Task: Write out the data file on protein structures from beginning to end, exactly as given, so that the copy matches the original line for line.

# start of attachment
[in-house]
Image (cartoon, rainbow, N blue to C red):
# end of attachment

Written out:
[in-house]
Image (cartoon, rainbow, N blue to C red):